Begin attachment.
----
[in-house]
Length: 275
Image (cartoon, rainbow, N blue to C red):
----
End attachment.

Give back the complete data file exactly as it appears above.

[in-house]
Length: 275
Image (cartoon, rainbow, N blue to C red):